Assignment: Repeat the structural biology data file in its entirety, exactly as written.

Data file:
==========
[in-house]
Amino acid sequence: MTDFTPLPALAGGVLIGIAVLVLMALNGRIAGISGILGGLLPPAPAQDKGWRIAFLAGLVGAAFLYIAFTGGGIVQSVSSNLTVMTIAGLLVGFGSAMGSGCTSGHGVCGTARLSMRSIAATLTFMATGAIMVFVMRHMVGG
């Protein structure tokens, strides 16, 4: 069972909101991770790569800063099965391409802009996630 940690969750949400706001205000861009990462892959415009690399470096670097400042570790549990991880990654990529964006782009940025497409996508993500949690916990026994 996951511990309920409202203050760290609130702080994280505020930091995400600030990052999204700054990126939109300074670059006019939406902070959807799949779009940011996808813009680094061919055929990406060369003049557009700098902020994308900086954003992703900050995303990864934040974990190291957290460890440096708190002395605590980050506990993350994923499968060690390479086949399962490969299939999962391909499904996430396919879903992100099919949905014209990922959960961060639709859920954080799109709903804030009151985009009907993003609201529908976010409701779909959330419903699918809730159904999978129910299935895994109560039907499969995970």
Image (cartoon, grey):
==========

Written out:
[in-house]
Amino acid sequence: MTDFTPLPALAGGVLIGIAVLVLMALNGRIAGISGILGGLLPPAPAQDKGWRIAFLAGLVGAAFLYIAFTGGGIVQSVSSNLTVMTIAGLLVGFGSAMGSGCTSGHGVCGTARLSMRSIAATLTFMATGAIMVFVMRHMVGG
């Protein structure tokens, strides 16, 4: 069972909101991770790569800063099965391409802009996630 940690969750949400706001205000861009990462892959415009690399470096670097400042570790549990991880990654990529964006782009940025497409996508993500949690916990026994 996951511990309920409202203050760290609130702080994280505020930091995400600030990052999204700054990126939109300074670059006019939406902070959807799949779009940011996808813009680094061919055929990406060369003049557009700098902020994308900086954003992703900050995303990864934040974990190291957290460890440096708190002395605590980050506990993350994923499968060690390479086949399962490969299939999962391909499904996430396919879903992100099919949905014209990922959960961060639709859920954080799109709903804030009151985009009907993003609201529908976010409701779909959330419903699918809730159904999978129910299935895994109560039907499969995970």
Image (cartoon, grey):